Any excuse to post about the style maven that is Natalie Hartley. Fashion editor with In Style UK, she has elevated this monthly to stellar style status. Whether for In Style or Natalie Hartley Wears, her fashion musings are a must! In this case, she took an ‘It’ item, i.e. the elusive Chanel little-black-jacket (brought to the fore recently by the launch of Karl Lagerfeld’s LBJ book, dedicated to said classic item) and made it relatable – most definitely wearable – with supreme styling and pinch-of-salt insights. MY HERO.
// Vila dress // Topshop ankle boots // Accessorize collar // Vintage watch // Assorted rings //
A quick outfit post, followed by apologies as to the lack of others in the last week or so. While I haven’t been manic busy of late, I have been settling into new work projects and adjusting to living at home full-time again (still haven’t quite gotten my head around the fact that I won’t be returning to DCU this year…). When I think back on it now though, this year itself has been manic. So much has happened and I’m in a completely different place to the one I thought I would be in only a few short months before I ‘officially’ graduate. It was only in September-October of 2011 that I really and truly decided to go with journalism (the course I happened to be studying…), for a career in the media, preferably in fashion journalism. Always himming-and-hawwing, now I just think – Why didn’t I just suck it up and realise what was staring me right in the face all along? SEIZE THE DAY, as I’m told they say. Which is what I am actively doing as of now and on second thoughts, not such a short outfit post and more of a reflective and thoroughly rambling rant. As to the OOTD, not really my usual style but in keeping with embracing new things, etc. etc., here we have probably one of the most delicate dresses I own, teamed with leopard print and gold-plated goodness.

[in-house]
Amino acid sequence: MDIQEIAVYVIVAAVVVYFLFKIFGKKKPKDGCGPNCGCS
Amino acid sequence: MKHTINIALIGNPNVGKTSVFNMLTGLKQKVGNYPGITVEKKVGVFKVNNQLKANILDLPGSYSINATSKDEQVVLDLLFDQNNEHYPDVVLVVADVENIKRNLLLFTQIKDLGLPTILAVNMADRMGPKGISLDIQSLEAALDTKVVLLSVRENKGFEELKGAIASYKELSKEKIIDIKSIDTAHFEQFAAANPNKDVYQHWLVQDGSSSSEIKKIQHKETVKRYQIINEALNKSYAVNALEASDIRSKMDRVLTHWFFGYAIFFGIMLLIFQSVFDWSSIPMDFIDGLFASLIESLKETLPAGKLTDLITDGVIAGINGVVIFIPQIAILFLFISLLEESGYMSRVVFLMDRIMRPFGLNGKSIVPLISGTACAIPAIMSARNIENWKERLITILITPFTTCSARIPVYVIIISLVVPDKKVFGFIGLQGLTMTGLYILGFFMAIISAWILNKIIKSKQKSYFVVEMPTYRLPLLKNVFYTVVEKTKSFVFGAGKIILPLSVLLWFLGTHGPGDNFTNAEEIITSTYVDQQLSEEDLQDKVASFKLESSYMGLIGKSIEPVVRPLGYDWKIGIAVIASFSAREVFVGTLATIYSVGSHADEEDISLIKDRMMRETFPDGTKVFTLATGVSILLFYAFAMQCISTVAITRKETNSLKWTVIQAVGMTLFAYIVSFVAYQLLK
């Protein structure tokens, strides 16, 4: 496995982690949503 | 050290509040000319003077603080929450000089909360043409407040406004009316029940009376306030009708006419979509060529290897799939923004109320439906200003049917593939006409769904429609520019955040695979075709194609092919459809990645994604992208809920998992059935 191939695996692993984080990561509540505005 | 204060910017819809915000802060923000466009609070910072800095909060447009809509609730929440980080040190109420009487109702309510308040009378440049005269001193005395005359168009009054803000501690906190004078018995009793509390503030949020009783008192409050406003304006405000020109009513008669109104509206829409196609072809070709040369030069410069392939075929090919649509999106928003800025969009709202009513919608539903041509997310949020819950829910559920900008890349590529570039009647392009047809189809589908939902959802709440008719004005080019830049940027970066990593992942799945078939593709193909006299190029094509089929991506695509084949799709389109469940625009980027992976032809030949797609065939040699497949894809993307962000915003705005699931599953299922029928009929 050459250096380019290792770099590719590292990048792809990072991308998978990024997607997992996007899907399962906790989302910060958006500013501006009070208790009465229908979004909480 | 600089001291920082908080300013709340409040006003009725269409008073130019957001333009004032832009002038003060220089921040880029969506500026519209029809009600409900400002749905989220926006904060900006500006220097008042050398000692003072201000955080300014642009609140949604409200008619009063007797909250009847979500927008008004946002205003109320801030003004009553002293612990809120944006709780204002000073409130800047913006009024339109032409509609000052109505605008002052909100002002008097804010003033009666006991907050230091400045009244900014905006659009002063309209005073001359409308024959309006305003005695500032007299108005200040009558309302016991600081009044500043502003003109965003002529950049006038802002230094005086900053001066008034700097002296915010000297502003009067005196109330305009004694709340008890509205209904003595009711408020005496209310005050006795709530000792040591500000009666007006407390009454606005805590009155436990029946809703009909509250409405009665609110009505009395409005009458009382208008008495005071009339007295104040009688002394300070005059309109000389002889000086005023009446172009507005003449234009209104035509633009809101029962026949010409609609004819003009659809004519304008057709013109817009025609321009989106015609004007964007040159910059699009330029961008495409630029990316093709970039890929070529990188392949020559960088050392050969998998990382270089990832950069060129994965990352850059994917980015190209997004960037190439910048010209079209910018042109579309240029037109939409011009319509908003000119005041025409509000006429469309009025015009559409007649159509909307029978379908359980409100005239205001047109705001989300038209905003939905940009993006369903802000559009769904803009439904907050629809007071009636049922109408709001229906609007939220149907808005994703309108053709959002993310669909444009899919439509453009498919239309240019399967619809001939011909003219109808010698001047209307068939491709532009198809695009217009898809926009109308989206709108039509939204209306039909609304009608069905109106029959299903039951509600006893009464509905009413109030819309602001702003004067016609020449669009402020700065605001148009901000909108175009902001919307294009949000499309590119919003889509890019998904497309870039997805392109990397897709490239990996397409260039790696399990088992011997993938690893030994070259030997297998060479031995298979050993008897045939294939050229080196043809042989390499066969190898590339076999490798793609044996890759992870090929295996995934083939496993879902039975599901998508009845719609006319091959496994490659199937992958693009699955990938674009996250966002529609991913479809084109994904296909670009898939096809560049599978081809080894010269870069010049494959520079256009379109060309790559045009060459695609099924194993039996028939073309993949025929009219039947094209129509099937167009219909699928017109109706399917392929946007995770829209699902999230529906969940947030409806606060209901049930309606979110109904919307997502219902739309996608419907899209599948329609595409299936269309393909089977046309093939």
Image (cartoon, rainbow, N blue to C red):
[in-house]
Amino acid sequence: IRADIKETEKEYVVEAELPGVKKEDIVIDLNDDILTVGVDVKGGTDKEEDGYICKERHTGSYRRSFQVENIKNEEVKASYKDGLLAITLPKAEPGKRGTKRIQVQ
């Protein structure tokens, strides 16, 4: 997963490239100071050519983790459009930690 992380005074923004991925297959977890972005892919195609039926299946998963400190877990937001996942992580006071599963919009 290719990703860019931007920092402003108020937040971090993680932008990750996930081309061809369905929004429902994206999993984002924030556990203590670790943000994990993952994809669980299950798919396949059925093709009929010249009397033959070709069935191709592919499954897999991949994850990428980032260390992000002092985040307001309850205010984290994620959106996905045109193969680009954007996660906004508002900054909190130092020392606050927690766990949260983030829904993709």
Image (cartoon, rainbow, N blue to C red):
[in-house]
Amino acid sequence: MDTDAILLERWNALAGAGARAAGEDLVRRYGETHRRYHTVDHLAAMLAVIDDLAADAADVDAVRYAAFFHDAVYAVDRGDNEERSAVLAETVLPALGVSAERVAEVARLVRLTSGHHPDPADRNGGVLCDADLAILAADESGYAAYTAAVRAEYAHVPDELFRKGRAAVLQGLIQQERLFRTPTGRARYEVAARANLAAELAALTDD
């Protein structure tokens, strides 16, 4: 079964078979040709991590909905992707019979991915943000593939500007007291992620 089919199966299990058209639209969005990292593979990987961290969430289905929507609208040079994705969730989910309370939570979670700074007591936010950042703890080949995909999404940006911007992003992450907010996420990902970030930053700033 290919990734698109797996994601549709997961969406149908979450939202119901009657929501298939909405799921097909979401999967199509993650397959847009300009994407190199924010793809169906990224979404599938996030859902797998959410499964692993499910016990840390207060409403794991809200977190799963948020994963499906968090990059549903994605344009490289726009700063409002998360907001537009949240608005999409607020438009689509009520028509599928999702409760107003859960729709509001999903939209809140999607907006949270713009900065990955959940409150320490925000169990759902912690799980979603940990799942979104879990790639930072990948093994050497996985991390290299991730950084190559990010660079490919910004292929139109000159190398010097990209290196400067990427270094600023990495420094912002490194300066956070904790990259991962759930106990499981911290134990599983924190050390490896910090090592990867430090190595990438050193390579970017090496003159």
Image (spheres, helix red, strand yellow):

I read somewhere a while back (I’m going to say IFB, I think?) that a good blog is music and video free. Starting out blogging, IFB was a handbook of sorts for me and it’s only now that I realise how utterly ridiculous it would be to ban music and videography from a fashion and lifestyle blog, especially with the increase of fashion film and behind-the-scenes footage that accompanies most photoshoots these days.
An area embraced by fashion die-hards and industry insiders alone until now, fashion film as a genre is gaining momentum, with Business of Fashion discussing its merits here and here recently. I myself posted about an initiative sponsored by River Island in conjunction with the British Fashion Council earlier this year, focusing entirely on their Fash/On initiative in the run up to London Fashion Week. Fashion film can be anything from a behind-the-scenes montage from a photoshoot to the interactive realisation of a narrative in an editorial. In the above fashion films, I love the way both soundtracks mix with the styling and the theme of these shorts. It gives an altogether fresher dimension to what’s on offer for fashion consumers who may be suffering from editorial overload what with the proliferation of all manner of photoshoots nowadays. What’s more, they’re just fun!